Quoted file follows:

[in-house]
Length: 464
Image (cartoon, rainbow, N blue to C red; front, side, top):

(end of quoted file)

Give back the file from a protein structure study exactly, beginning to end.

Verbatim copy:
[in-house]
Length: 464
Image (cartoon, rainbow, N blue to C red; front, side, top):